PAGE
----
This image depicts modern treaties in Canada as of 2016. Image retrieved from https://www.aadnc-aandc.gc.ca/DAM/DAM-INTER-HQ-AI/STAGING/texte-text/mprm_pdf_modrn-treaty_1383144351646_eng.pdf
Comprehensive land claims, or ‘modern treaties,’ are most common in areas where Aboriginal rights and title have not yet been codified into law by historical agreement. As the map in Monday’s post highlights, by 1975, much of Canada’s unceded lands (lands never surrendered by Indigenous peoples to the Crown) were located in BC and the northern territories. For this reason, modern treaties are most common in these same regions.
In BC, for example, there are currently 8 modern treaties: Nisga’a Nation, 5 distinct Maa-nulth First Nations, Tla’amin Nation, and Tsawwassen First Nation. To date, 65 First Nations in the province (approximately 52.5% of all bands legally recognized in BC under the Indian Act) “are participating in, or have completed treaties through, the treaty negotiations process.” Of course, much of the province remains unceded.
BC’s modern treaty process began in the early 1990s. Open to any First Nations group, the process involves a 6-stage negotiation between the individual First Nation applicant, the government of Canada (represented by the Prime Minister of Canada and the Minister of Indigenous and Northern Affairs Canada), and the government of British Columbia (represented by the Premier of British Columbia and the Minister of Aboriginal Relations and Reconciliation, and the First Nations Summit). The process is coordinated and overseen by the BC Treaty Commission.
The 6-stage process in BC begins with a First Nation filing a statement of intent to commence negotiations. The applicant must meet certain criteria, such as proving they represent the people and that they have a distinct traditional territory – often, these requirements are difficult to meet. In the second stage, the parties must “demonstrate that they have a commitment to negotiate, a qualified negotiator, sufficient resources, a mandate and a process to develop that mandate and ratification procedures.” Once everything is in place, the parties move to the third stage and decide on what the agreement will include (typical issues are related to “governance structures, jurisdiction, and ownership of lands, waters, and resources”) and how long the negotiations for each section will take. After that, the fourth stage – substantive negotiations – begins. Then, during the fifth stage, any outstanding “technical and legal issues are resolved” and the treaty is formally signed and ratified. Finally, the treaty is implemented in the sixth stage.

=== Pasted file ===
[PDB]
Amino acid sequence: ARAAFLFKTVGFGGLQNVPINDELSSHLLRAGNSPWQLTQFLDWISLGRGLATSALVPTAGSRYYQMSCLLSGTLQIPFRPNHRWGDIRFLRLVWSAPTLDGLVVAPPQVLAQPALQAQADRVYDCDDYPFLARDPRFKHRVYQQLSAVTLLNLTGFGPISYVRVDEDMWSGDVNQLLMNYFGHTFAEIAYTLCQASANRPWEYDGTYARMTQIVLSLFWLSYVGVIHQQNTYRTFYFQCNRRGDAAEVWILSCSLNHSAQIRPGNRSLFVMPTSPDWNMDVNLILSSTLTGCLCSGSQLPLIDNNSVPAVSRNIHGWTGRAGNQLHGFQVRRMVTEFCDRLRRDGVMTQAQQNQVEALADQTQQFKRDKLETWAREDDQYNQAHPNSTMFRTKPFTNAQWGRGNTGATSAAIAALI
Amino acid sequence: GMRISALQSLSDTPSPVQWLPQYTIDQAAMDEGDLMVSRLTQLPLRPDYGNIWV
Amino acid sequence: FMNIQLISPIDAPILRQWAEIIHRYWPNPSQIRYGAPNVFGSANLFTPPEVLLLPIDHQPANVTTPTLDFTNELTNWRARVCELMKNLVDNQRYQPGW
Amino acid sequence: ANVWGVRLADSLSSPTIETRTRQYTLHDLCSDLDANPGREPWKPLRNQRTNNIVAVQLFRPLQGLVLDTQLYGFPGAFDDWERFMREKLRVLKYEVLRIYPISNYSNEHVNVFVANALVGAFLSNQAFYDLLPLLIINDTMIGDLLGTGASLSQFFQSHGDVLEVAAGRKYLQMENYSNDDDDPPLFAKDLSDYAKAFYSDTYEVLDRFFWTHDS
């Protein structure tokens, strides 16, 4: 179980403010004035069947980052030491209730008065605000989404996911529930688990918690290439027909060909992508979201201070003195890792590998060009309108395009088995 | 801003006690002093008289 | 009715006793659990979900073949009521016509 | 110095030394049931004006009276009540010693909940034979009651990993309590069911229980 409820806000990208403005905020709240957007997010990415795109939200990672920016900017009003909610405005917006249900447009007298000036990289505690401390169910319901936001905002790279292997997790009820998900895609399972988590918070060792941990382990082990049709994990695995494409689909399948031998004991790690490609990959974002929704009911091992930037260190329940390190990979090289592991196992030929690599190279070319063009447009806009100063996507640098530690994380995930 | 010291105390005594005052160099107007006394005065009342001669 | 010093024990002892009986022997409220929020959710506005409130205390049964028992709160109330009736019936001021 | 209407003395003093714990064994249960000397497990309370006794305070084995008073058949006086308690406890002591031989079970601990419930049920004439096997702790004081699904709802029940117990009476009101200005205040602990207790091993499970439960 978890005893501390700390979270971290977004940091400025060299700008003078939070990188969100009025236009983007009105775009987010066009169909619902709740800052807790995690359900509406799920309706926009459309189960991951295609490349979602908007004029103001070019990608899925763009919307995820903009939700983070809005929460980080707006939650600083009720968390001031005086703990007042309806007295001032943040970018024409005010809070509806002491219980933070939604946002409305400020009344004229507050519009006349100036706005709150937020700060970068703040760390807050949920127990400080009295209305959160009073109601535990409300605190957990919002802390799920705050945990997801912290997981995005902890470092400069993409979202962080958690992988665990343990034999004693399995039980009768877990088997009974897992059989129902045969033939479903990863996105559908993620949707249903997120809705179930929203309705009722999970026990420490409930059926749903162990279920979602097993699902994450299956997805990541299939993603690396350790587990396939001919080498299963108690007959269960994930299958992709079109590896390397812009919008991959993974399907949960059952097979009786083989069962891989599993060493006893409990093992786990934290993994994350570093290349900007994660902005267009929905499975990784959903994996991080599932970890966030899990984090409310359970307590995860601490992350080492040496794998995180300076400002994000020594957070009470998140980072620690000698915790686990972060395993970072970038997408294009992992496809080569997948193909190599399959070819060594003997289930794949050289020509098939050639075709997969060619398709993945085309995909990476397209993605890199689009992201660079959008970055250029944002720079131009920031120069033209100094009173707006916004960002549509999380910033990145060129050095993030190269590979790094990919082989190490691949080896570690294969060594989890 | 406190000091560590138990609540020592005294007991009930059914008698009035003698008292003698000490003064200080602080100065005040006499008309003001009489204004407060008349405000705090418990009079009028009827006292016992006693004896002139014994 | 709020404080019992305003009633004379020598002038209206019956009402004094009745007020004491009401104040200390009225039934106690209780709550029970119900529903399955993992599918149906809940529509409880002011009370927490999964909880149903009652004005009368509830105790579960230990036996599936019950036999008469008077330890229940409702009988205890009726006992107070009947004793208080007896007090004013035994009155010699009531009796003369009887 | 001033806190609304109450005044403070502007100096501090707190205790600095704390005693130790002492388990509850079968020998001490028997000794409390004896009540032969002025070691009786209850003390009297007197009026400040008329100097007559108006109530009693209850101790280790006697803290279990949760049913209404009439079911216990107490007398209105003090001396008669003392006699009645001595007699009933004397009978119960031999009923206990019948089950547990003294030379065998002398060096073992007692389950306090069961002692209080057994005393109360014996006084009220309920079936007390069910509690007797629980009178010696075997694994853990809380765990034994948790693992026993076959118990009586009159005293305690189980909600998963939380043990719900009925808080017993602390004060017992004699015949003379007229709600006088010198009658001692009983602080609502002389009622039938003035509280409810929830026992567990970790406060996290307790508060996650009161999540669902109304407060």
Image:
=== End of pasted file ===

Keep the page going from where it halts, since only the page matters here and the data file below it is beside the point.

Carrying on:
In practice, the process is extremely lengthy and has been criticized for its “glacial pace.” Further, misconceptions abound in terms of what is actually given and received. However, most problems arise in the implementation stage. Governments are supposed to take a broad approach when it comes to the statutory interpretation of treaties (both historic and modern), but this is not the reality experienced by many Indigenous groups when they go to exercise their treaty rights. Accordingly, signatories to some of the modern treaties have argued that in order to ensure accountability, “Canada needs a treaty watchdog akin to the federal environment commissioner.” As Trudeau’s Liberals move forward with dissolution of Indigenous and Northern Affairs Canada, and the creation of Indigenous Services Canada, Crown-Indigenous Relations, and Northern Affairs Canada, it will be interesting to see if this idea gains force.
Until next time,
Team ReconciliAction YEG
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 BC Treaty Commission, “Treaties and Negotiations” online, https://www.bctreaty.ca/faq.
 BC Treaty Commission, “Stages of Treaty” online, https://www.bctreaty.ca/six-stages.
 “Treaties and Negotiations” supra note 1.
 “Stages of Treaty” supra note 4.
 Vanessa Sloan Morgan and Heather Castleden, “Framing Indigenous–Settler Relations within British Columbia's Modern Treaty Context: A Discourse Analysis of the Maa-nulth Treaty in Mainstream Media” (2014) International Indigenous Policy Journal 5:3 at 8.
 See R v Marshall, 2005 SCJ No. 44.
 James Munson, “Time for a treaty watchdog, say modern land claims holders” IPolitics, Dec 1, 2017, online: https://ipolitics.ca/article/time-treaty-watchdog-say-modern-land-claims-holders/.
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